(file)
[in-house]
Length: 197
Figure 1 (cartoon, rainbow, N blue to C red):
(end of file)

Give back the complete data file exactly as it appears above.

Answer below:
[in-house]
Length: 197
Figure 1 (cartoon, rainbow, N blue to C red):